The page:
Hi there and welcome to MathSux! In this post, we are going to explore how to calculate z-score and the normal distribution. We’ll do this by examining the normal curve and learning how to find probability finding z-score and using the mean, standard deviation, and specific data points. Fore more info and more MathSix don’t forget to check out the video and practice questions below. Happy calculating!

What is a Normal Curve?

A normal curve is a bell shaped curve that shows the distribution of data evenly spread with respect to the mean. If you look at the normal curve below, the area under the curve shows all the possible probabilities of a certain data point occurring, notice the curve is higher towards the center mean, μ, and gets smaller as the distance from μ grows. The distance from μ is measured by the standard deviation, a unique unit of measurement that is specific to each group of data.

Mean: The mean always falls directly in the center of our normal curve. It is the average of our data, and always falls right in the middle.

Standard Deviation:  This value is used as a standard unit of measurement for the data, measuring the distance between each data point in relation to the mean throughout the entire data set. For a review on what standard deviation is and how to calculate it, check out this post here.

Now for our normal curve:

Notice half of the data is below the mean, μ, while the other half is above? The normal curve is symmetrical about the mean, μ!

How to Calculate Z-Score?

Z Score can tell us at what percentile a certain point in the data set falls in relation to the rest of the mean by using the standard deviation as a unit of measurement.  If this sounds confusing, it’s ok! Take a look at the following formula:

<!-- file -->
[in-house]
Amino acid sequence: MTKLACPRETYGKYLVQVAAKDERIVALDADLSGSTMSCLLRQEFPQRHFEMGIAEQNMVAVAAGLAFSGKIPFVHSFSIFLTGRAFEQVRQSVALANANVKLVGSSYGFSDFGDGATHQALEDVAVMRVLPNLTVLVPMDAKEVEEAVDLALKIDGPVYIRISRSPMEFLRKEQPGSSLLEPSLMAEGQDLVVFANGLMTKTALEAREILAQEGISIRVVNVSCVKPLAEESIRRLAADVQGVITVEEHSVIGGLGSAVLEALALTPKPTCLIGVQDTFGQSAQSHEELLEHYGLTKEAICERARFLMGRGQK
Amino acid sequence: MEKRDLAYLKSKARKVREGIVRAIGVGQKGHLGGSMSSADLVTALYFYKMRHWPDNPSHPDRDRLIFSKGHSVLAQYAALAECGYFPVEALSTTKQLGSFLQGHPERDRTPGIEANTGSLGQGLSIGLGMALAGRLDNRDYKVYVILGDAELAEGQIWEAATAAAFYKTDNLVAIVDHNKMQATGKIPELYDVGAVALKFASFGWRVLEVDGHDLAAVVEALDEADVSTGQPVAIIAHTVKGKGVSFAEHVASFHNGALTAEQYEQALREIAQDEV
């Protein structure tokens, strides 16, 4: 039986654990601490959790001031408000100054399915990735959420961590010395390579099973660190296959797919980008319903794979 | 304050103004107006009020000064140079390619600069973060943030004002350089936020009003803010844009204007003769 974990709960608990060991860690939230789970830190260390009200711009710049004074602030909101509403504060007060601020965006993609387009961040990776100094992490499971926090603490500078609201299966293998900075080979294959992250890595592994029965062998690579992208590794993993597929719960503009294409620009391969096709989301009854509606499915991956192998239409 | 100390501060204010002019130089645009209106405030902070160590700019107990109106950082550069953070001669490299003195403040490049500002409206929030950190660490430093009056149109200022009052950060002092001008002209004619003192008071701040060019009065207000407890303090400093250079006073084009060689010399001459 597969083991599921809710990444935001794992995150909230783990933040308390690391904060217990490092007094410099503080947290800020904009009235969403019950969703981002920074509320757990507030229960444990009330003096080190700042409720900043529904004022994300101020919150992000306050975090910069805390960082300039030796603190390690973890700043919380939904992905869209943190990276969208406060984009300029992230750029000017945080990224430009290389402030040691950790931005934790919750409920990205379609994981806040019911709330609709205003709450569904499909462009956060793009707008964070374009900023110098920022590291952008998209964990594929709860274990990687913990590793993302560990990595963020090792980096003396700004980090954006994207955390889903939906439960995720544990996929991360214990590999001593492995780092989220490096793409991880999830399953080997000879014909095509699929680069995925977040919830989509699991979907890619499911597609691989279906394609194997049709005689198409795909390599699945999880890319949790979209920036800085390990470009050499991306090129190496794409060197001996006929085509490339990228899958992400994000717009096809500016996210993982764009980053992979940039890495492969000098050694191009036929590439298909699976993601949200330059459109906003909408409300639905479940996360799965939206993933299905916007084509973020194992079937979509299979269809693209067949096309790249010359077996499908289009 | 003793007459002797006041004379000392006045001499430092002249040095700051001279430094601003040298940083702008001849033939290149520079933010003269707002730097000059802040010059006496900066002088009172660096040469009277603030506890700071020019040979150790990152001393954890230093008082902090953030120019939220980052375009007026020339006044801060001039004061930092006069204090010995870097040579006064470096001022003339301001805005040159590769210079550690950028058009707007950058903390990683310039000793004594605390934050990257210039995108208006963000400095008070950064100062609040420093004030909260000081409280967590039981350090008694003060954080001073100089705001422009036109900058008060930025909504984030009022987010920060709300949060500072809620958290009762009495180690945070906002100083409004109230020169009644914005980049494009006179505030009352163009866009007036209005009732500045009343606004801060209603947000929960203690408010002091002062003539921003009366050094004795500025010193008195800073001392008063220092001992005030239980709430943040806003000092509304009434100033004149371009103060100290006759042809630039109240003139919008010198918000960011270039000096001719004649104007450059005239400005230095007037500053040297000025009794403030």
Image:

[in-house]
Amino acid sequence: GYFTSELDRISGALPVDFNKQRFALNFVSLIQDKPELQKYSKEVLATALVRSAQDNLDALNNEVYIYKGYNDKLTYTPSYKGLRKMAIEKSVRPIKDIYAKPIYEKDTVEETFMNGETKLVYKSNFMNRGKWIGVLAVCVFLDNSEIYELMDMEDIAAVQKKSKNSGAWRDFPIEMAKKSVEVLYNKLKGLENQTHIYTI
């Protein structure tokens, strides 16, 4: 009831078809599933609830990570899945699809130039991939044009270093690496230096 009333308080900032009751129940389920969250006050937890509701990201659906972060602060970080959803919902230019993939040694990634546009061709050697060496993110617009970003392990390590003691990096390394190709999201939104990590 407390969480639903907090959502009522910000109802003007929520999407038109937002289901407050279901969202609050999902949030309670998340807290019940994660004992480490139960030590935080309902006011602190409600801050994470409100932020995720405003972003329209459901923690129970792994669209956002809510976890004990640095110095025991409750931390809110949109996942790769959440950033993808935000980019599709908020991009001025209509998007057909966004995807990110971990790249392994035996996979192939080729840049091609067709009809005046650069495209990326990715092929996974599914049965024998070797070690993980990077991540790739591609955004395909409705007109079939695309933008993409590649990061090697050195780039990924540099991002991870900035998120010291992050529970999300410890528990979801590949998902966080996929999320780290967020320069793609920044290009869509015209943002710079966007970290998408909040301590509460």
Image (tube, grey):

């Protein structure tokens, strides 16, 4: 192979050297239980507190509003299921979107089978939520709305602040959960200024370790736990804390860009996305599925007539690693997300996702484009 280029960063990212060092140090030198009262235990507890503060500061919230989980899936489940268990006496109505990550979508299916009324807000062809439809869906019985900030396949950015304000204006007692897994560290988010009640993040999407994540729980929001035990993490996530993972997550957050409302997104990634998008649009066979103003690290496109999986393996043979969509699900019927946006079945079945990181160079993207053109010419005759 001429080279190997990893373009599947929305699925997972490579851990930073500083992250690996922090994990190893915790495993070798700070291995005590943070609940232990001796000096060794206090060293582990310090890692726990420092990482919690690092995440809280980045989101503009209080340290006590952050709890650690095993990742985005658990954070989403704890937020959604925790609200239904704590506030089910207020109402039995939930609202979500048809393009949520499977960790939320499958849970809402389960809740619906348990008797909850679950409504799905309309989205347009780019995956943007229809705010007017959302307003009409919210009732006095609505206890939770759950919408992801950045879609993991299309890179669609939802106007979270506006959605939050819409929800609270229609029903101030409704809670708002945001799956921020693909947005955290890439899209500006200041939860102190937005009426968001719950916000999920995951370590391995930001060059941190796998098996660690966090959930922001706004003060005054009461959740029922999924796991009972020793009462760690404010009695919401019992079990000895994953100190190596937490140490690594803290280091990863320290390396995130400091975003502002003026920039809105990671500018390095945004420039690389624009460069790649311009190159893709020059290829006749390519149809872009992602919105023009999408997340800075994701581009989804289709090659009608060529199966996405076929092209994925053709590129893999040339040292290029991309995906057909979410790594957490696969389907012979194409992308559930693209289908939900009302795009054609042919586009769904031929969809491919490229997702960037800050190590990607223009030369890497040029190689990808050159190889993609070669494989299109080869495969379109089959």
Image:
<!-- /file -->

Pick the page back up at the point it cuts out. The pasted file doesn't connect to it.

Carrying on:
How to Calculate Z-Score?

We use the above formula in conjunction with  a z table which tells us the probability under the curve for a certain point.

Solution:

a) What percent of student scored below 500?

Step 1: First, let’s draw out our given information the mean=500, standard deviation=100, and the data point the question is asking for x=500 onto a normal curve. Notice that we want to find the value of the area under the curve shaded in pink.  This will tell us the percent of students that scored below 500.

How to Calculate Z-Score?

Step 2: We need to find the z-score by, using the data point given to us x=500, the mean=500, and the standard deviation, sigma=100.

Step 3: Yes, we have a zero! Now we need to take our z table and line up our chart. Notice that the chart finds the probability for everything at the beginning of the normal curve and on.  This is perfect for answering our question!

How to Calculate Z-Score?

Step 4: The table gives us our solution of .5000.  If we multiply .5000 times 100 it gives us the percent of students who scored below 500 at 50%.

b) What percent of student scored above 620?

Step 1: First, let’s draw out our given information the mean=500, standard deviation=100, and the data point the question is asking for x=620 onto a normal curve. Notice that we want to find the value of the area under the curve shaded in pink.  This will tell us the percent of students that scored above 620.